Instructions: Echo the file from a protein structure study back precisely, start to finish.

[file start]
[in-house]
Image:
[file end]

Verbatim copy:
[in-house]
Image: